A few notes:
- Following TeachPaperless’ blog has been a godsend of sorts. This is probably the best argument I’ve seen against using rubrics for student work.
- JD highlights a documentary about NYC teachers and unions, and how they relate to McCarthyism.
- Here are some talks from TED (Teaching, Entertainment, Design) that might inspire some of us to think deeper about how we do as educators.
- While I love the New York Times as a sophisticated and informative paper, I also find their education section paltry if not downright shallow 8 out of 10 times. NYC Educator has his own thoughts on that, too.
And finally, a word on Senator Edward “Ted” Kennedy:
I confess: I’m too young to have remembered the assassinations of JFK and RFK. I’m also too young to remember Mary Jo Kopechne and the Chappaquiddick incident, and the early 90s when people profiled him as a drunken playboy. I also can’t remember anything about his or any of his family members’ personal tragedies. I learned most of what I know from my own informal research. I didn’t realize anything about the 300 or so he and his team helped enact during his tenure as senator and didn’t understand where this “Lion of the Senate” stuff came from.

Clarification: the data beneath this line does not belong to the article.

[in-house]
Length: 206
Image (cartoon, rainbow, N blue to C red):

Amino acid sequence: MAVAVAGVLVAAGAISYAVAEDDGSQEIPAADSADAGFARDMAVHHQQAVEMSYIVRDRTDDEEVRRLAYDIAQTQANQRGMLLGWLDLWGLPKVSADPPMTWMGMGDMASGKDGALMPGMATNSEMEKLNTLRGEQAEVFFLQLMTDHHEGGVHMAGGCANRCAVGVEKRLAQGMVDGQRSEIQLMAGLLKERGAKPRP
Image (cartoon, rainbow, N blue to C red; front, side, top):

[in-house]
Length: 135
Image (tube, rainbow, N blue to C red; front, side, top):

But on Saturday morning, there I was, watching with most of America, the mass for Edward Kennedy. I usually don’t watch these memorials since I’m not inclined to do what everyone else does, but something told me I should. So much of the Kennedy legacy lays in this weird synchronism between majesty and mystery, of calamity and triumph, and moving time along as well as changing the times, too. Edward himself represented that wholly for 1/2 a century, and for that alone we need to thank him. (Just think: he went for Obama at a time when no one thought he had a chance in hell.)
He lived this duality that became a barometer for how the country’s ideals lie. He was privilege and humility, politics and servitude, tribulations and effectiveness. While it’s hard to forgive him for his role in the death of Mary Jo, how can I ignore his positions on health care and immigration? I’m always drawn to figures that induce argument and division, if only because all of us are far from perfect, but in our imperfections, we can find a means to do some sort of good. And unlike the rest of his departed siblings, he’s the only brother in the Kennedy generation to die of natural causes. Befitting for a life like his. May he rest in peace.
Jose, who’s beginning the journey all over again tomorrow …